- But the vitamin D deficiency mice were 4 times more sensitive to morphine. So even with small doses of morphine, these mice started to prefer the morphine compartment.
The team found that the effect was reversed when they restored vitamin D levels using supplements. The researchers confirmed the results with a new batch of mice and additional sensory cues.
Furthermore, the researchers wanted to know whether vitamin D deficiency influenced how mice respond to opioids. For this, they placed control and deficient mice on a hot plate and measured their response to physical pain. Then, the test was rerun after administering the mice with morphine.
Test results reported that vitamin D–deficient mice stayed on the plate longer, implying the morphine worked more effectively as a pain reliever. There was an effect reversal upon vitamin D restoration. Additionally, the heightened pain threshold from a lack of vitamin D disappeared, demonstrating that the effect is opioid-mediated.
Vitamin D Deficiency and Ultraviolet (UV) Radiation exposure
The researchers exposed transgenic mice lacking vitamin D receptors to UV. Similar to earlier results, daily exposure to low-dose UV increased pain tolerance in the vitamin D–deficient mice. Findings also show that the mice spent more time in compartments associated with UV exposure, suggesting a lack of vitamin D sensitizes them to the rewarding effects of UV.
The team believes that mice and humans may have evolved molecular pathways to benefit from UV and vitamin D. These pathways induce the same feelings one might get when taking opioids but then control the cravings once vitamin D levels are sufficient.
Previous studies suggest that some people develop an urge to sunbathe and tan, mirroring the behaviors of opioid addicts. Fisher and his colleagues hypothesized that people seek out UV to benefit from an endorphin rush.
In conclusion, vitamin D deficient people would feel compelled to seek out the sun, receiving an endorphin rush. But once their bodies generate enough vitamin D, the endorphin production stops. In the case of opioids, there is no molecular switch to turn off the craving.
The association between vitamin D and opioid response can help with patient care. Checking vitamin D levels before a patient’s surgery could determine whether they are likely to have a heightened tolerance or develop an addiction.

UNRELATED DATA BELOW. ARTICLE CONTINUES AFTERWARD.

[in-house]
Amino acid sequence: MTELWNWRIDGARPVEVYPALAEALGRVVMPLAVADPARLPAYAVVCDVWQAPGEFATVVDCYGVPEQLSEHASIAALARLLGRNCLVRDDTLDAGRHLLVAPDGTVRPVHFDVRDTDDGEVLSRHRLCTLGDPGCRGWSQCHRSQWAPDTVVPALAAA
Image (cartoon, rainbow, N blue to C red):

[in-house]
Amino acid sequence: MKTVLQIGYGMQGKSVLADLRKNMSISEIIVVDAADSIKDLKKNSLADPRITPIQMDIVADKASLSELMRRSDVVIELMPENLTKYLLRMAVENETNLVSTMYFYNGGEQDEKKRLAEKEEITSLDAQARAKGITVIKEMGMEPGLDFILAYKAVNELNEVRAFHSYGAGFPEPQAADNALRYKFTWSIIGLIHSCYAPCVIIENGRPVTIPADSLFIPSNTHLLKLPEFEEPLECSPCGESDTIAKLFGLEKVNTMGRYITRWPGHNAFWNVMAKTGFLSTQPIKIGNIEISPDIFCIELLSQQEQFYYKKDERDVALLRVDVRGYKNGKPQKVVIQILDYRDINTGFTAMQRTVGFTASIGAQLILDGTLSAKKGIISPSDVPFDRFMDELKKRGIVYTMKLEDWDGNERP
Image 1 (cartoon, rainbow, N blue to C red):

Recommendations For Healthy Vitamin D Levels
- Ensure you have healthy exposure to sunlight - at least 30 minutes to one hour in a week (varies depending on geographical location, skin tone, and other factors).
- Include vitamin D-rich foods, including fatty fishes, eggs, beef, and all kinds of dairy products. Just one teaspoon of cod liver oil gives you 34 mcg vitamin D. You can include cod liver oil as a part of your everyday dietary supplement.
- Try out a UV lamp! UV lamps mimic the action of the sun and can be especially helpful if your sun exposure is limited due to geography or time indoors.
- Recent research has found a potential link between vitamin D deficiency and opioid addiction.
- A study at the Massachusetts General Hospital examined the potential link between UV radiation, vitamin D, and opioids using human medical data and mouse models.
- When the mice were administered with modest doses of morphine, those deficient in vitamin D continued seeking out the drug.
- Further, in mice with vitamin D deficiency, the opioid responses reversed and returned to normal when vitamin D levels were restored.
- In another set of experiments, the researchers found that mice lacking vitamin D receptors sought out UV exposure.
- The results suggest that vitamin D supplementation can play a role in treating opioid addiction, and also help in patient care before surgery.
- Regular sun exposure, vitamin D-rich foods, and UV lamps can help meet your vitamin D requirements.